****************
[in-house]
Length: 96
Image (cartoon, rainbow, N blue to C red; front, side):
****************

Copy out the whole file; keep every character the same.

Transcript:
[in-house]
Length: 96
Image (cartoon, rainbow, N blue to C red; front, side):